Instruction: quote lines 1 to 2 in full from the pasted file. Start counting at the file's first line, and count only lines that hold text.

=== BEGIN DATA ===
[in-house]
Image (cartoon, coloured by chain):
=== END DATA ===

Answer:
[in-house]
Image (cartoon, coloured by chain):